• Thanks for the tip on Nis in Serbia – I haven’t yet managed a visit to a concentration camp through my travels in Europe yet, and while I imagine it would be incredibly sobering, I do want to seek out that experience at some point. I believe it’s really important to recognize and learn from the mistakes of our past and that history should be acknowledged. So will definitely add that to my list of stops for this region.

      And will be sure to make a stop by Kosovo too!

  7. I’m so into learning the history of places and I loved the beginning of your article. you’ve put together a great itinerary, showing there’s more than Slovenia and Croatia to see. I was glad to hear that it’s relatively easy to get around by bus. Very useful!

    • Glad you enjoyed Chans article Jackie – I also loved this from a historical standpoint, and I learnt so much in publishing the post!

      It’s definitely the history of a destination which makes you appreciate the travel more and really shapes the experience as a whole. There’s definitely more than Slovenia and Croatia to see in this part of the world – hope you manage a trip there soon!

  8. Ahh all the countries here are all places I’ve been dying to visit. Croatia has been high up on my list and can’t wait to make solid plans to visit. Met a guy from Slovenia on a bus recently and he has raved about what to see, do, and visit! Appreciate the historical background too!

    • Glad to hear that Anna! It’s an amazing corner of the world 🙂 Enjoy your travels.

  9. Super inspiring and insightful, as always. I visited Dubrovnik a few years ago and it has been one of my favorite destinations, so I am guessing I would love the rest of former Yugoslavia just as much! I’m actually heading that way next month, so this is getting bookmarked!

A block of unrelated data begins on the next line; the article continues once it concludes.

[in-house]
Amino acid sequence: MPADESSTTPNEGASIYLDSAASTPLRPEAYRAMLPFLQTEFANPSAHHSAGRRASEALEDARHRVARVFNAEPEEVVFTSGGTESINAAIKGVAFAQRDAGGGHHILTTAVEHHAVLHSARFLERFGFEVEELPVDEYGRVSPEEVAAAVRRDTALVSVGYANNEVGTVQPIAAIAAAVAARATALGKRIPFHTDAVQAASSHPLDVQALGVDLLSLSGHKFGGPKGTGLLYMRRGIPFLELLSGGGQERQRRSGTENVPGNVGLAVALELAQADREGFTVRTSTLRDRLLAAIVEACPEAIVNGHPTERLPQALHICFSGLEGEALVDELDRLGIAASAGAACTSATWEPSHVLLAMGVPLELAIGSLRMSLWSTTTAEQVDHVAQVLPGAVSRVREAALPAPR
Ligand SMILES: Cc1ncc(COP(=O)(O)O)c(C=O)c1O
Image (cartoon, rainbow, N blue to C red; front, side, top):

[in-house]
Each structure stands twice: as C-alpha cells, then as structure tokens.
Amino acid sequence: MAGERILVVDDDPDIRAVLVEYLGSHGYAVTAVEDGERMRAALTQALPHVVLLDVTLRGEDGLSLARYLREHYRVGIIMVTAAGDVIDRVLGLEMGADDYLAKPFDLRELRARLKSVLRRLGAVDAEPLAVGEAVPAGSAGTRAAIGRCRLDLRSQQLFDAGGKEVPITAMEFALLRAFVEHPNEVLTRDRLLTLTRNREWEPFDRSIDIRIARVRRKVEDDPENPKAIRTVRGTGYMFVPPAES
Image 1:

• Glad you enjoyed Chans post Amelie! I loved Dubrovnik also – had an amazing time finding little hole in the wall bars where you could enjoy a drink and then jump from your chair off the cliff into the Adriatic if it got too warm 😀 Amazing memories from that trip!!

      If you enjoyed your time in Croatia you’ll love the rest of the former Yugoslavia – enjoy your travels – feel free to reach out if you have any Q’s in the lead up to your trip 🙂

  10. Will be saving this one! We want to start out travelling Europe in this region so this is a great resource for next year. Over the past year we’ve talked to many people of the region, usually of our generation, and have heard many sides of the story. We love hearing what they have to say and putting it together for a bigger picture. You’re absolutely right – just listen, don’t judge. Having grown up with stories from the older generations, and now the younger ones, it’ll be interesting to see what it’s really like once we get there!

    • So glad to hear you’ll be traveling through this region next year – it’s an absolutely fascinating part of the world, and you’ll really enjoy your time.

      It sounds like you’re already all over the history and have the right attitude for taking on an understanding of the past here. Let us know how your trip goes!

  11. It is a region that I have yet to visit but one that fascinates me and this will be a great guide to refer to when I do. Thanks for always sharing great posts Megan!

    • You out of all people would absolutely love this region Mar – it really does have such a fascinating history – I hope you can get there soon 🙂

  12. I was in Novi Sad recently to give a presentation about travel blogging at their university and even though I saw just a little of it, I totally loved it. My dear friend lives there and she was so kind to host me and show me around. Out of the other places, I’d love to visit Bosnia and I’ve been to Kotor… but that has been ages (at least 12 years) so I’m a bit hesitant to go back because of the tourism changes. When I was there, nobody spoke English and there were no tourists at all … Plitvice is high up on my wishlist but I heard it’s super busy which keeps me from going right now. All in all it looks like an awesome itinerary and I’m sure it will be useful for many who are planning on spending a bit more time in this part of Europe!